(8) But ere ever he lifted his finger, a cry caused him to turn his head and all heard the voice of Ko-Ngai sounding sharply sweet as a bird’s song above the great thunder of the fires—“For thy sake, O my father!” And even as she cried, she leaped into the white flood of metal; and the lava of the furnace roared to receive her, and spattered monstrous flakes of flame to the roof, and burst over the verge of the earthen crater, and cast up a whirling fountain of many-coloured fires, and subsided quakingly, with lightnings and with thunders and with mutterings.
(9) Then the father of Ko-Ngai, wild with his grief, would have leaped in after her, but that strong men held him back and kept firm grasp upon him until he had fainted away, and they could bear him like one dead to his home. And the serving-woman of Ko-Ngai, dizzy and speechless for pain, stood before the furnace, still holding in her hands a shoe, a tiny, dainty shoe, with embroidery of pearls and flowers—the shoe of her beautiful mistress that was. For she had sought to grasp Ko-Ngai by the foot as she leaped, but had only been able to clutch the shoe, and the pretty shoe came off in her hand; and she continued to stare at it like one gone mad.
(10) But in spite of all these things, the command of the Celestial and August had to be obeyed, and the work of the moulders to be finished, hopeless as the result might be. Yet the glow of the metal seemed purer and whiter than before; and there was no sign of the beautiful body that had been entombed therein. So the ponderous casting was made; and lo! when the metal had become cool, it was found that the bell was beautiful to look upon and perfect in form, and wonderful in colour above all other bells. Nor was there any trace found of the body of Ko-Ngai; for it had been totally absorbed by the precious alloy, and blended with the well-blended brass and gold, with the intermingling of the silver and the iron. And when they sounded the bell, its tones were found to be deeper and mellower and mightier than the tones of any other bell, reaching even beyond the distance of one hundred li, like a pealing of summer thunder; and yet also like some vast voice uttering a name, a woman’s name, the name of Ko-Ngai.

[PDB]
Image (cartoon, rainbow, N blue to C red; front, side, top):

And still, between each mighty stroke there is a long low moaning heard; and ever the moaning ends with a sound of sobbing and of complaining, as though a weeping woman should murmur, “Hiai!” And still, when the people hear that great golden moan they keep silence, but when the sharp, sweet shuddering comes in the air, and the sobbing of “Hiai!” then, indeed, do all the Chinese mothers in all the many-coloured ways of Pe-King whisper to their little ones: “Listen! that is Ko-Ngai crying for her shoe! That is Ko-Ngai calling for her shoe!”
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Sir Lucan the Butler is a servant of King Arthur and one of the Knights of the Round Table in the Arthurian legend. The duties of a "butler" have changed over time; Lucan was supposed to have been in charge of the royal court, along with Bedivere the Marshal and Kay the Seneschal.
Lucan is the son of Duke Corneus, brother to Sir Bedivere and cousin to Sir Griflet. He and his relatives are among Arthur's earliest allies in the fight against the rebel kings such as Lot, Urien, and Caradoc, and remained one of Arthur's loyal companions throughout his life. In most accounts of Arthur's death, from the Lancelot-Grail Cycle to Malory's Le Morte d'Arthur, Lucan is one of the last knights at the king's side at the Battle of Camlann. He is usually the last to die; he helps Arthur off the battlefield after he battles Mordred, but the stress is too much. He dies from his own wounds just before the king returns Excalibur to the Lady of the Lake and sails off for Avalon.
Though the knight Arthur asks to cast the sword into the lake is usually Griflet (Lancelot-Grail) or Bedivere (Le Morte d'Arthur, the Alliterative Morte Arthure, the Stanzaic Morte Arthur), the 16th century English ballad "King Arthur's Death" ascribes this duty to Lucan.
He was a solid and reliable Knights of the Round Table and one of King Arthur's earliest companions. He took on the post of Royal butler - an important position in charge of the Royal Household rather than a serving man. He valiantly defended Arthur's right to the throne at the Battle of Bedegraine and probably against subsequent rebellions. Though he sought adventure, he never came to the fore in Arthurian tales with renowned exploits of his own. He always attended the Royal tournaments and was once hurt so badly by Sir Tristram that Sir Yvain had to escort him to Gannes Abbey for medical assistance. Sir Lucan remained loyal to King Arthur throughout the schism with Lancelot and on occasion acted as their go-between. Similarly during Mordred's rebellion he stayed by the monarch's side and though wounded, with his brother, Bedivere, he was one of the few knights left standing at the Battle of Camlann. He tried to dissuade Arthur from his final attack on his son/nephew, but was unsuccessful and the King received his mortal wound. Worried about looters on the battlefield, Lucan and Bedivere attempted to move the dying Arthur into a nearby chapel for safety; but the strain was too much for Lucan. A severe wound burst open, spilling out his bowels, and he died.